Developmental biology is entering into a synergism with evolutionary biology. This synergism has been termed ìevo-devoî biology. Developmental biology contributes to evolutionary understanding because evolutionary changes in morphology result from evolutionary changes in development. Thus, a full understanding of evolution requires knowledge of these developmental processes (Futuyma 1998). To answer certain evolutionary questions, therefore, research must dive deep into the development of organismsí different parts, and genes that control body plan development. The expression of different genes in different cells causes much of development (Futuyma 1998). Differences in gene expression result in differences in proteins and enzymes which control cellular functions or make up cell parts. Effector genes cause the differential expression of proteins and are controlled by regulatory genes. One important type of regulatory gene is the homeotic gene. Homeotic genes control the development of an organismís body parts. The largest volume of work on homeotic genes comes from Drosophila, yet researchers have been able to extrapolate that data to perform meaningful studies on human genes.

Some studies show that homeotic genes control wound healing in human fetuses and that the manipulation of these genes may lead to advances in scarless healing. Could humans be able to regenerate tissue like a newt does? Amazingly, we already do, except such regeneration only occurs during early fetal development. What implications might such advancement have in an evolutionary context? How and to what extent to homeotic genes control evolutionary change? There are opposing answers to this question, but before describing them, it is necessary to discuss in more detail what homeotic genes are.

Homeotic Genes: Definition and Background

Homeotic genes control the transcription of numerous other genes, including the effector genes that build the features typical of a particular body structure. Homeotic genes are not required to form a specific part of the pattern, but rather they assign an identity to these regions once they are established. At a critical stage in early development, different combinations of homeotic genes are transcribed at different positions along the anterior-posterior axis of an organismís body. The homeotic genes that control this type of patterning are called Hox genes. Hox genes have been found in every animal phyla examined. These genes do not encode for a structure to form, but they provide positional information: they evoke or repress activity in other genes according to the position of the cell in the developing body (Futuyma 1998).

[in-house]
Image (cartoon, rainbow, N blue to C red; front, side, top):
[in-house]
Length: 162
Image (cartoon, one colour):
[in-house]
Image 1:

Homeotic genes were discovered by Edward Lewis in the late 1970s through the observance of mutations in Drosophila melanogaster. Lewis found that homeotic gene mutations change the location of certain structures that are normally found on one part of the body to a location somewhere else on the body. Lewis observed that a mutation in a single gene called Antennapedia causes a structurally proper leg to grow where antenna normally grow (See Fig 1). The Antennapedia gene has two transcription products, one of them initiating within an intron of the other (Frischer et al 1986). One of the products is necessary for dorsal thorax development, while the other is required for leg development and for embryonic viability (Bermingham et al 1990).

Another example of a homeotic gene mutation discovered by Lewis is the Ultrabiothorax (Ubx) gene. In the wild-type Drosophila, the wings are found on the second segment of the thorax, and the third segment contains the halteres. In the Ubx mutant, the third thoracic segment becomes another second thoracic segment, and thus another set of wings are present instead of halteres (Futuyma 1998).

Initially, Lewis thought that there was one gene for each segment, but molecular analysis indicates that there are three regions that encode homeotic genes in Drosophila. Those regions are called Abdominal-A (abdA), Abdominal-B (AbdB), and the aforementioned Ubx. The genes are large and have very complex regulatory regions. Most of Lewis' "genes" are actually cis-acting regulatory elements that control the pattern of expression of the three protein coding regions in each segment. The regulatory regions are defined by a large number of mutations affecting the expression of one or more of the genes in different regions of the body. For example: abx, bx, bxd, and pbx are 4 classes of recessive mutations that all act on the Ubx transcription unit. A mutation in bx causes a transformation of the anterior part of the haltere to anterior part of the wing. Regulatory elements that affect the expression of these genes are spaced along the DNA in the same order as the segments of the abdomen that they affect (Browder et al 1991).